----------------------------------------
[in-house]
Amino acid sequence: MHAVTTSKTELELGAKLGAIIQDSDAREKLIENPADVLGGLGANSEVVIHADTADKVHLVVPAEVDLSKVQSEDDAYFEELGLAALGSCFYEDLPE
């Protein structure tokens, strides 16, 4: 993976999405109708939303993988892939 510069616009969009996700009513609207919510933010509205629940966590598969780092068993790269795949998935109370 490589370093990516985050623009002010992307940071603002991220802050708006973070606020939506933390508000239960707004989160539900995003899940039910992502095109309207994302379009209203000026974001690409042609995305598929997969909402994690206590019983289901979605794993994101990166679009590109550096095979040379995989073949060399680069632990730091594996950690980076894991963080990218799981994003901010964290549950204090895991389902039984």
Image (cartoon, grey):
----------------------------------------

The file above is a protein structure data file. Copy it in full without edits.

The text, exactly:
[in-house]
Amino acid sequence: MHAVTTSKTELELGAKLGAIIQDSDAREKLIENPADVLGGLGANSEVVIHADTADKVHLVVPAEVDLSKVQSEDDAYFEELGLAALGSCFYEDLPE
């Protein structure tokens, strides 16, 4: 993976999405109708939303993988892939 510069616009969009996700009513609207919510933010509205629940966590598969780092068993790269795949998935109370 490589370093990516985050623009002010992307940071603002991220802050708006973070606020939506933390508000239960707004989160539900995003899940039910992502095109309207994302379009209203000026974001690409042609995305598929997969909402994690206590019983289901979605794993994101990166679009590109550096095979040379995989073949060399680069632990730091594996950690980076894991963080990218799981994003901010964290549950204090895991389902039984």
Image (cartoon, grey):